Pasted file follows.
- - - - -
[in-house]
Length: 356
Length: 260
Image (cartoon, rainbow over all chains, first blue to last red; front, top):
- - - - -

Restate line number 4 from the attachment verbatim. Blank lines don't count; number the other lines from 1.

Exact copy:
Image (cartoon, rainbow over all chains, first blue to last red; front, top):